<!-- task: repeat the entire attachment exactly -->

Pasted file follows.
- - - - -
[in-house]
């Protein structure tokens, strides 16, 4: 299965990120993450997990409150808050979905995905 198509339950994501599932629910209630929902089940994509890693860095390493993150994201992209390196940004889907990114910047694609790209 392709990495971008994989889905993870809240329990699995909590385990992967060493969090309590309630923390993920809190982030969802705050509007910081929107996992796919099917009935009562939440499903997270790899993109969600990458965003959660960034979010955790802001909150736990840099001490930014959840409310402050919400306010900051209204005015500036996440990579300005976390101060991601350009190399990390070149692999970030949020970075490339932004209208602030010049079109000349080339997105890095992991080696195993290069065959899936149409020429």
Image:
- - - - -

[in-house]
């Protein structure tokens, strides 16, 4: 299965990120993450997990409150808050979905995905 198509339950994501599932629910209630929902089940994509890693860095390493993150994201992209390196940004889907990114910047694609790209 392709990495971008994989889905993870809240329990699995909590385990992967060493969090309590309630923390993920809190982030969802705050509007910081929107996992796919099917009935009562939440499903997270790899993109969600990458965003959660960034979010955790802001909150736990840099001490930014959840409310402050919400306010900051209204005015500036996440990579300005976390101060991601350009190399990390070149692999970030949020970075490339932004209208602030010049079109000349080339997105890095992991080696195993290069065959899936149409020429």
Image: